Today, at 27, the rapper is in every way, Mufasa – emperor of African hip-hop, a multi-platinum selling act who has shared stages with the very greats, and is famous for regularly drawing multitudes to his concerts, including a record-shattering 68, 000 fans at the First National Bank (FNB) Stadium, Johannesburg last December.

Today, at 27, the rapper is in every way, Mufasa. Images: Instagram/ CASSPER NYOVEST


STARR FM, Meridian House – Accra.

A young photographer rushes into the studios first, holding a black camera with both hands. Nimbly, he pans the shooting device around the room. Starr Drive host Giovanni Caleb, is blending pop tunes behind a console, and co-host Berla Mundi’s eyes are glued to the screen of her MacBook.

The camera’s lens returns to the glass door through which it’s handler has just walked.

Enter Cassper, leader of the force!

He is followed by an entourage of four, and holds an iPhone to his face. Handshakes and felicitations bounce around in the room. Before he sits down in the sofa by the wall, Cassper takes several selfies and, alongside a picture of the Starr FM logo on the purple wall, he tweets: “Ghana tune in!!! We here!!! STARR FM!!! 103.5!!! 

Cassper in the studios of Starr FM, Accra. Image: Instagram/ CASSPER NYOVEST

Accra is clearly home to the Mafikeng native just as much. Notice the calm liberty in his gait, and the overall peace in his demeanor. He sports a full beard, and sparkly jewelry hang from his neck, out his ears and left nostril, and on both wrists. But for the black sunglasses behind which his eyes are hidden this afternoon, his colour of choice is pink. His t-shirt is bereft of sleeves, and his majestic biceps are on full display. His shorts end at the knees, and his feet are covered in trendy white trainers. He’s just climbed up the Meridian House for a radio interview, but he could well be going to the gym.

When Ed Sheran’s “Shape of You” comes on, he nods and sings along ardently. He’s deeply impressed by the mix, and his face contorts into one of intense passion when he yells to Giovanni over the loud music: “Is that you doing the mix?”. Giovanni smiles and nods in the affirmative. “That’s sick bro!” says Cassper (who also constantly uses urban jargons “lit” and “dope”), shaking his head in awe.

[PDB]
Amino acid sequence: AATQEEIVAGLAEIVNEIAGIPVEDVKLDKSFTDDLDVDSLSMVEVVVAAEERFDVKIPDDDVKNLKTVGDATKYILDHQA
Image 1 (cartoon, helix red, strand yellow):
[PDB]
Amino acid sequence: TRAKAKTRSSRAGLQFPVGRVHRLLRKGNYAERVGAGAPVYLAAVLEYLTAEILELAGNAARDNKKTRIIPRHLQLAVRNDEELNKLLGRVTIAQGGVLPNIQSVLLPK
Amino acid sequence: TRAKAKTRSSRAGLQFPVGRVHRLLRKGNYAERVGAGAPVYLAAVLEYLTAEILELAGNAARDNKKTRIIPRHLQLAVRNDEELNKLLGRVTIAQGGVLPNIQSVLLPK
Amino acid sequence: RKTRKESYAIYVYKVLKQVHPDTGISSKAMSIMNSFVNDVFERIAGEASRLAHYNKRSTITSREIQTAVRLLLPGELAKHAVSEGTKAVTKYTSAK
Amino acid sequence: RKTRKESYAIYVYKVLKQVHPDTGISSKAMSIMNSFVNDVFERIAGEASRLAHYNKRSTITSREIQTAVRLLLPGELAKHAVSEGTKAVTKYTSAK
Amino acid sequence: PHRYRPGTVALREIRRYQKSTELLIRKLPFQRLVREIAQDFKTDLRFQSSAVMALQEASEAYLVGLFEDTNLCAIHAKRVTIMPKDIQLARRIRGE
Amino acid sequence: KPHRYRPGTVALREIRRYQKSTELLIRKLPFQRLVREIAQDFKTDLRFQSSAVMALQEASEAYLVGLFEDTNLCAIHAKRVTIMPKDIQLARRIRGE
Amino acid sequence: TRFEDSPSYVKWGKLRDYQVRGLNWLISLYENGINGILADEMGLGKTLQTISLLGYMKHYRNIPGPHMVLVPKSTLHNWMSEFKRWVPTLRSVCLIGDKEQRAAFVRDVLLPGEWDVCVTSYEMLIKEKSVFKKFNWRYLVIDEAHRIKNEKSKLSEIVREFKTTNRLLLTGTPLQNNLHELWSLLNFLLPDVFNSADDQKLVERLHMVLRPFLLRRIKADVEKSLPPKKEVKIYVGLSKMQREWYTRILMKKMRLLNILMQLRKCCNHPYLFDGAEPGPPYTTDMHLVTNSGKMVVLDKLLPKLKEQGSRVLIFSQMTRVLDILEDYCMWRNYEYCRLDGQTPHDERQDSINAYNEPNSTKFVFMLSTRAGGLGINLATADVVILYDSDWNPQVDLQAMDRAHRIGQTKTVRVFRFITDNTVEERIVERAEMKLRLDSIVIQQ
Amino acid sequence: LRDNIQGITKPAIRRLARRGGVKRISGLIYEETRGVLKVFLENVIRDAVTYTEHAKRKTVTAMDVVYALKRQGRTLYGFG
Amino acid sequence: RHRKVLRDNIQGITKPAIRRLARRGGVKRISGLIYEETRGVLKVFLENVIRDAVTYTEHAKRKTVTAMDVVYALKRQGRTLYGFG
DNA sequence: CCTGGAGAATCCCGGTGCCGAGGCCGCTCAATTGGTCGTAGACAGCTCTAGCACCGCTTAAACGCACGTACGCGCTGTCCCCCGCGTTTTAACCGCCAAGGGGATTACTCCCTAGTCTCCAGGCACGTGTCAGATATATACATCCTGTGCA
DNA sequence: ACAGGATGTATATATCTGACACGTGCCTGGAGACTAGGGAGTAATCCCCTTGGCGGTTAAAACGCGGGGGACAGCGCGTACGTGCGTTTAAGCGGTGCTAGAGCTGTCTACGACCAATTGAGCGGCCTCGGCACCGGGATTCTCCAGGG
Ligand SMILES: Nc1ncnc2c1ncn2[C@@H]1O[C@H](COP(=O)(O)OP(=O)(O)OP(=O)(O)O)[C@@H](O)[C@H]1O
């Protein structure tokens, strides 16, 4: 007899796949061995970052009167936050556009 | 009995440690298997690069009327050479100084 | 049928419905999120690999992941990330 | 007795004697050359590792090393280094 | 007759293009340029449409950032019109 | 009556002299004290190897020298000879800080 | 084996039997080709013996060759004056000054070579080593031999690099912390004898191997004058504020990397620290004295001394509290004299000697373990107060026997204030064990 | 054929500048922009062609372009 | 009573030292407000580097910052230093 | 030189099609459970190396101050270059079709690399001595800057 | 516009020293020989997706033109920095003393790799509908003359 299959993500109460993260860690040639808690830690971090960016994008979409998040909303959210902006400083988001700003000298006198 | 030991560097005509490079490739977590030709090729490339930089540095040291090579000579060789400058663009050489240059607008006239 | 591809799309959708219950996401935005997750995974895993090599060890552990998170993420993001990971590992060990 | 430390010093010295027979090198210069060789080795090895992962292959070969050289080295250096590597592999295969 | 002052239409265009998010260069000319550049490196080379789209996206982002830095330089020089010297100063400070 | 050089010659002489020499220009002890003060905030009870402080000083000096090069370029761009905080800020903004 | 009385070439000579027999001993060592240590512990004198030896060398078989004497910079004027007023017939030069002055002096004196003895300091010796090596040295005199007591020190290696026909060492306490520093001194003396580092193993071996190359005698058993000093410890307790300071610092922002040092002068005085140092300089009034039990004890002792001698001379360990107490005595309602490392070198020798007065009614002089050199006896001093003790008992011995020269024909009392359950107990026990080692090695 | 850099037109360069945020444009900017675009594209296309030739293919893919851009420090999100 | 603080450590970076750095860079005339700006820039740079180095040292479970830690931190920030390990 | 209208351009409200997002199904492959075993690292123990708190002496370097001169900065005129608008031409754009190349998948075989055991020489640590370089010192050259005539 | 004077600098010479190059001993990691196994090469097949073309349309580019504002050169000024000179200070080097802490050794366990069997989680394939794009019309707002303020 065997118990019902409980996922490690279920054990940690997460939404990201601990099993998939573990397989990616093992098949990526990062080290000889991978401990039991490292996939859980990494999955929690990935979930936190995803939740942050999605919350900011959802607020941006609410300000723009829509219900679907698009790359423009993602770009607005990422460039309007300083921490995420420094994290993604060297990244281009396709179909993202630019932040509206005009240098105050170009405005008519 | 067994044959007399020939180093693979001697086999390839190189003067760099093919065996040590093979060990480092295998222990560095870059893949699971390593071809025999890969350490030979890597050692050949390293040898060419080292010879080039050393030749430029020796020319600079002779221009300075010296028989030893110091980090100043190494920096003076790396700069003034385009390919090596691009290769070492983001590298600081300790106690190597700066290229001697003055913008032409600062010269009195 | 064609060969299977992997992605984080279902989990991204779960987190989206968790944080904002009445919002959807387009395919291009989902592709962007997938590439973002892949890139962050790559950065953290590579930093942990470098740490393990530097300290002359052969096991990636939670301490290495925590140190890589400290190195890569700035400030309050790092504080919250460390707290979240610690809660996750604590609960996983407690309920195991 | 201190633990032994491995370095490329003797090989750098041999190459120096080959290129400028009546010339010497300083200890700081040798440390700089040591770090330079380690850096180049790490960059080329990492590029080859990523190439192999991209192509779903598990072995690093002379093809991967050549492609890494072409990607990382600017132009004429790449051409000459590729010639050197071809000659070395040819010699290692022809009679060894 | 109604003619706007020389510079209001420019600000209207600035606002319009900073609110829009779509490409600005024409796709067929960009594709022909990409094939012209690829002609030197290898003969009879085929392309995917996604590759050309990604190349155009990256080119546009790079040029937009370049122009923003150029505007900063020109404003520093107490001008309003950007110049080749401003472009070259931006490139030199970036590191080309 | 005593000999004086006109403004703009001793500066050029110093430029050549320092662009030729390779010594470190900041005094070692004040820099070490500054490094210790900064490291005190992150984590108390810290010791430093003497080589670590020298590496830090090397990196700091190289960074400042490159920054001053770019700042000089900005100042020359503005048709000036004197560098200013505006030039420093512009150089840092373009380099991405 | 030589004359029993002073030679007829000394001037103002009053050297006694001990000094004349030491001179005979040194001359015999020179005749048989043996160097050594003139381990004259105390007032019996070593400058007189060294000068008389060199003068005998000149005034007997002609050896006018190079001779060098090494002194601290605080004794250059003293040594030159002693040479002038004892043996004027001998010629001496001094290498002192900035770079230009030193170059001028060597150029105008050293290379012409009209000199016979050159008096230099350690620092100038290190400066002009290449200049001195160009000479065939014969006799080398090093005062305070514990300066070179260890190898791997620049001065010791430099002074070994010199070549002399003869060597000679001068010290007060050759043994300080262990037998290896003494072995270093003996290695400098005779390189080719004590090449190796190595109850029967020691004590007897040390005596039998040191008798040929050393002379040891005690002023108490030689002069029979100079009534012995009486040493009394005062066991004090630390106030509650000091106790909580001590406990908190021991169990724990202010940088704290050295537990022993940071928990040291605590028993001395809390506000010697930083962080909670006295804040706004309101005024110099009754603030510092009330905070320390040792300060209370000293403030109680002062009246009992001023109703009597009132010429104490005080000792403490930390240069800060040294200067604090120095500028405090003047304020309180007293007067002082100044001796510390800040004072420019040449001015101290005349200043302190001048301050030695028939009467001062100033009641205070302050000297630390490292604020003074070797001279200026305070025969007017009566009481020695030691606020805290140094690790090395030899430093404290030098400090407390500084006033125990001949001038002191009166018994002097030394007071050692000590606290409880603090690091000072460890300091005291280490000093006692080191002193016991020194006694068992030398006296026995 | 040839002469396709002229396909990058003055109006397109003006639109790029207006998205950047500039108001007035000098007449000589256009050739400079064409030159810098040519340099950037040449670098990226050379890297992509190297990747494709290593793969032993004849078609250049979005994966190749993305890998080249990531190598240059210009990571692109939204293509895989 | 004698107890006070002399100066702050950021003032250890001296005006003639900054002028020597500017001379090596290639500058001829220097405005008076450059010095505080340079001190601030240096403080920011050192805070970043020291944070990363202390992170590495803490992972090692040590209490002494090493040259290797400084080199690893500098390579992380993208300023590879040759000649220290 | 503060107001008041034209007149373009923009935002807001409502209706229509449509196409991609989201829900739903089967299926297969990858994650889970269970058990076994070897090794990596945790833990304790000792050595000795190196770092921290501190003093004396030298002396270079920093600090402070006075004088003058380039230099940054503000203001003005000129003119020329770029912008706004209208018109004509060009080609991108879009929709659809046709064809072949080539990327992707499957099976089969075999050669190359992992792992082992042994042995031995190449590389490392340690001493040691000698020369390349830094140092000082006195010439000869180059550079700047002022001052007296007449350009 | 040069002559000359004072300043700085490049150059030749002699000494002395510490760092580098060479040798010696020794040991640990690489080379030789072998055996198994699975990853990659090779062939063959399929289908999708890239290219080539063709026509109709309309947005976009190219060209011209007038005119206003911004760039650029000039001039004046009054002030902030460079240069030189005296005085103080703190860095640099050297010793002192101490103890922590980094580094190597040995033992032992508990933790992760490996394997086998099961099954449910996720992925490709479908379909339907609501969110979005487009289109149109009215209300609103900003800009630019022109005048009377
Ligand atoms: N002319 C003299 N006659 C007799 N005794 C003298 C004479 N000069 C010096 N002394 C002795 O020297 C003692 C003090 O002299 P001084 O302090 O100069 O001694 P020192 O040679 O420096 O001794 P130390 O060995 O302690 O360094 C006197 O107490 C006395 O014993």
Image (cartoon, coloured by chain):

Due to time constrains, my conversation with the rapper, which happens over a fleeting ten minutes, but which he describes as “dope” nonetheless, takes place right in the Starr FM studios, during a lengthy musical break, contrary to a nearby restaurant we had earlier scheduled it.

 The rapper’s motives for visiting these parts are simple: “to check out the scene, spread the name, record some music…”. But, in 2018, what is the evidence that one’s trip to Shatta Wale’s Ghana has truly been worthwhile? He must perform the “One Corner Dance”, submit positive judgment on Jollof from this town, and experience Shatta heat simply for calling someone else his favorite dancehall singer. Before he flies out to Uganda on Thursday for the Full Moon Party, Cassper undergoes all these rites. Therefore, he was here some!

The alias Mufasa, more than aptly defines the rapper’s stature in African hip-hop, especially over the past few years. For one thing, it is testament of how steadily and imposingly he has proven himself in the ranks of African hip-hop. If anyone still harbors misgivings on why his name is so frequent in discourse about the continent’s biggest rap exports, here are one or two facts: all three albums he’s published have gone platinum; he’s been honored nearly 40 times by a plethora of high-profile schemes (Channel O Music Video Awards, MTV Africa Music Awards, South Africa Music Awards, SA Hip-hop Awards, All Africa Music Awards – AFRIMA, Urban Music People Awards, etc); topped many “Best MC’ lists, collaborated with culture elders as The Game, Talib Kweli, MI Abaga, Kwesta, HHP, DJ Drama, Black Thought among others; and filled up arenas where pop giants as Justin Timberlake, Rihanna, Chris Brown, and Trey Songz have all fallen short.

“I felt like I was in the position to…kind of…lead in African hip-hop,” says Cassper about his decision to adopt Mufasa as alias, and there’s no debate there. Easily the fastest –rising act South Africa has ever witnessed, Cassper’s feats have yet to be matched.

Easily the fastest-rising act South Africa has ever witnessed, Cassper’s feats have yet to be matched. Images: Instagram/ CASSPER NYOVEST

Family!